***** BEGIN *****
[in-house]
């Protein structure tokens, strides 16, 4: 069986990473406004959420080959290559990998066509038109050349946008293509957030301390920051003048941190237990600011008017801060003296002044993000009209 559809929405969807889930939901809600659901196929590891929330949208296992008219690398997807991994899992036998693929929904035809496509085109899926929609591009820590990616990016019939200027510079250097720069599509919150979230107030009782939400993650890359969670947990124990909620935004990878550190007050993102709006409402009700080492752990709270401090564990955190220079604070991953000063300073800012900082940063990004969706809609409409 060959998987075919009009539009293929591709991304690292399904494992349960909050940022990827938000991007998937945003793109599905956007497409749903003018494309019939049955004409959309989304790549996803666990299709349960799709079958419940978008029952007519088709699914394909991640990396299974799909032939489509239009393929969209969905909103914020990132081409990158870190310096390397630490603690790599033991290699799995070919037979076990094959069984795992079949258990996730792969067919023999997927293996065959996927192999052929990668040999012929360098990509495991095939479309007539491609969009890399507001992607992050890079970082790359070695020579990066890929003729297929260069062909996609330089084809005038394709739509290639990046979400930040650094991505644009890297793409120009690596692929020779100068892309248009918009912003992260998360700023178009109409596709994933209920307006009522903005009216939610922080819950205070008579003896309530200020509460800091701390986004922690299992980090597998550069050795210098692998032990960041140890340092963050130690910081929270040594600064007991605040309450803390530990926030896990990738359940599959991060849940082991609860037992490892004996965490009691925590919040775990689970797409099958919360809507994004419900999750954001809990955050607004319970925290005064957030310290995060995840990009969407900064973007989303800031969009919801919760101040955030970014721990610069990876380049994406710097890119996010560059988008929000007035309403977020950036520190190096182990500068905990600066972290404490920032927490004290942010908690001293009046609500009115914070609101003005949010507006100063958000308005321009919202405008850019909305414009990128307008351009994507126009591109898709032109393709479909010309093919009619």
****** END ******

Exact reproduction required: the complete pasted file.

[in-house]
């Protein structure tokens, strides 16, 4: 069986990473406004959420080959290559990998066509038109050349946008293509957030301390920051003048941190237990600011008017801060003296002044993000009209 559809929405969807889930939901809600659901196929590891929330949208296992008219690398997807991994899992036998693929929904035809496509085109899926929609591009820590990616990016019939200027510079250097720069599509919150979230107030009782939400993650890359969670947990124990909620935004990878550190007050993102709006409402009700080492752990709270401090564990955190220079604070991953000063300073800012900082940063990004969706809609409409 060959998987075919009009539009293929591709991304690292399904494992349960909050940022990827938000991007998937945003793109599905956007497409749903003018494309019939049955004409959309989304790549996803666990299709349960799709079958419940978008029952007519088709699914394909991640990396299974799909032939489509239009393929969209969905909103914020990132081409990158870190310096390397630490603690790599033991290699799995070919037979076990094959069984795992079949258990996730792969067919023999997927293996065959996927192999052929990668040999012929360098990509495991095939479309007539491609969009890399507001992607992050890079970082790359070695020579990066890929003729297929260069062909996609330089084809005038394709739509290639990046979400930040650094991505644009890297793409120009690596692929020779100068892309248009918009912003992260998360700023178009109409596709994933209920307006009522903005009216939610922080819950205070008579003896309530200020509460800091701390986004922690299992980090597998550069050795210098692998032990960041140890340092963050130690910081929270040594600064007991605040309450803390530990926030896990990738359940599959991060849940082991609860037992490892004996965490009691925590919040775990689970797409099958919360809507994004419900999750954001809990955050607004319970925290005064957030310290995060995840990009969407900064973007989303800031969009919801919760101040955030970014721990610069990876380049994406710097890119996010560059988008929000007035309403977020950036520190190096182990500068905990600066972290404490920032927490004290942010908690001293009046609500009115914070609101003005949010507006100063958000308005321009919202405008850019909305414009990128307008351009994507126009591109898709032109393709479909010309093919009619």